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DECAL SHEET REVIEW


Furball Aero-Design Low-Viz SLUFs -- 1:48 Scale


The LTV A-7 Corsair II was nothing less than a classic of 20th century naval aviation.  Derived as an attack jet from the F-8 Crusader, the A-7 was a potent asset for U.S. Navy air wings from 1967 to 1991.  It could certainly function as a bomb truck and was given the nickname “SLUF” (Short Little Ugly *Fellow*).  Yet, Navy A-7Es were long associated with the “tip of the spear” in more ways than one.  They were pioneers in the early use of hands-off carrier landings, a HUD, and a digital weapons delivery computer and use of precision-guided munitions such as the Walleye in the 1960s and 1970s.  In the 1980s, FLIR targeting pods and, eventually, the SEAD role and integration of the AGM-88 HARM missile were added to their bag of tricks.  The A-7E was progressively replaced by the F/A-18, but the last operational squadrons were at the top of their game when they participated in Operation DESERT STORM in 1991 – taking out SAM sites, doing deep interdiction, and working kill boxes in the KTO.  There were some very memorable and colorful A-7E paint schemes into the early 1980s, but all of that disappeared when the TPS (Tactical Paint Scheme) was instituted mid-decade.  Still, some great low-viz schemes emerged in the A-7 community.                

On this sheet, Furball Aero-Design provides decals for no less than 21 different A-7E TPS schemes as they appeared between 1983 and 1989.  The set is optimized for the Hasegawa kit (despite the fact there’s a newer Hobby Boss 1:48 scale A-7E, the Hobby Boss SLUF suffers from various accuracy issues including a misshapen radome and intake).   

Furball’s Low-Viz SLUFs set holds these markings on one large decal sheet  and one large insert sheet.  It also comes with enough stencils for two individual airframes. The decal sheet features:

These decal sheets provide an excellent historical compilation of the many diverse but low-viz paint schemes  found in the latter years of the A-7’s service.  There’s a lot of great squadron diversity here, and the sheet contains many favorites, from the Vallions to the Blue Blasters, Sunliners, Fighting Redcocks, Warhawks, Ragin’ Bulls, Gunslingers, and plenty more.  There are a lot of interesting details, subtleties, and unique elements of the markings on all these airplanes, and Furball does a great job in capturing them all to the best of my knowledge.  I especially like the multi-colored (or multi-grayscale shades) scheme seen on the VA-22 CO’s jet on the sheets as it appeared during the one-day Operation PRAYING MANTIS on 18 April 1988.  This was during the “Persian Gulf Tanker Wars” and that A-7E got itself a boat kill marking on the nose as it shared the kill of the frigate SAHAND with A-6Es from VA-95.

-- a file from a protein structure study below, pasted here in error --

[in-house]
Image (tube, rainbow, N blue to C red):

The quality of the decal design is superlative, and the printing by Cartograf is technically impeccable.  Colors are vibrant, in perfect register, and carrier film is very thin and exceptionally restrained.  Full airframe stencils are also provided for these SLUFs - a really great touch.

For a while, I’ve been wanting to build my low-viz Hasegawa A-7E kit that’s been sitting in the stash for several years.  I was deflated when I took note of the kit’s decal sheet – the carrier film had yellowed pretty badly over they years.  With Furball’s new A-7E, I've really got got nothing to stop me now. 

Many thanks to Furball Aero-Design for the review sample. You can find them on the web at http://www.furballaero-design.com/default.asp and on Facebook at https://www.facebook.com/FurballAeroDesign

Haagen Klaus
Scale Modeling News & Reviews Editor
Detail & Scale

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Just Released!

JET FIGHTERS
OF THE U. S. NAVY AND MARINE CORPS
PART 1: THE FIRST TEN YEARS
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Detail & Scale Special Edition Books

U. S. Navy and Marine Carrier-Based Aircraft of World War II
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Attack on Pearl Harbor, Japan Awakens a Sleeping Giant

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Colors & Markings Series



Colors & Markings of U. S. Navy
F-14 Tomcats,
Part 1: Atlantic
Coast Squadrons
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Colors & Markings of the F-102
Delta Dagger

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Colors & Markings of U. S. Navy
F-14 Tomcats,
Part 2: Pacific
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